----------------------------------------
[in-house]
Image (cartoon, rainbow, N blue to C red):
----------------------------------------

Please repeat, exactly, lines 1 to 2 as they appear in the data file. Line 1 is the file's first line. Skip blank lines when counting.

[in-house]
Image (cartoon, rainbow, N blue to C red):